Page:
Chevrolet also offers the Equinox with a 3.6-liter V-6. With a substantial 301 hp, that would definitely be our choice over the four-cylinder. And it's not as if the Equinox has no redeeming qualities. The ride is quite good, the chassis is tied down, and even the electric power steering is nicely weighted. As associate editor David Zenlea noted, "GM does a great job tuning the primary controls."
Overall, though, bigger did not equal better for the Equinox. Its performance, fuel economy, and visibility all disappointed. Said Floyd: "As we've seen with the Corvette and the Cadillac CTS, GM can absolutely do better, and in order for the Equinox to be competitive with buyers other than the A-plan set, it needs to revamp the Equinox soon."

2014 Chevrolet Equinox AWD 2LT

MSRP (with destination) $30,500
Price as Tested $33,740
Engine 2.4-liter DOHC I-4
Horsepower (hp) 182 @ 6700 rpm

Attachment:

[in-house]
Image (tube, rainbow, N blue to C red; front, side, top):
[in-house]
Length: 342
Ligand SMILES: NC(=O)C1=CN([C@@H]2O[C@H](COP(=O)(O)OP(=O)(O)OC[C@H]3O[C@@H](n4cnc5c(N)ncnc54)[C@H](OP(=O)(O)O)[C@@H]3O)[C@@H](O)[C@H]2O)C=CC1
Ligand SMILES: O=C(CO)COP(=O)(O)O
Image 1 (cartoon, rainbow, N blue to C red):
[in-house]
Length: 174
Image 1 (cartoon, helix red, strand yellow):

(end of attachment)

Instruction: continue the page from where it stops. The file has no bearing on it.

Torque (lb-ft) 172 @ 4900 rpm
Transmission 6-speed automatic
Drive 4-wheel
Fuel Economy (city/highway/combined) 20/29/23 mpg
CHASSIS AND MEASUREMENTS
Steering Electrically assisted
Front suspension Strut-type, coil springs
Rear suspension Multilink, coil springs
Brakes f/r Vented discs
LxWxH 187.8 x 72.5 x 66.3 in
Wheelbase 112.5 in
Track f/r 62.9/62.1 in
Curb weight 3777 lb
CAPACITIES
Doors/Passengers 4/5
Cargo (behind second/first row) 31.5/63.7 cu ft
Legroom (first/second row) 41.2/39.9 in
Headroom (first/second row) 40.9/39.2 in
Towing 1500 lb
2014 Nissan Rogue SV AWD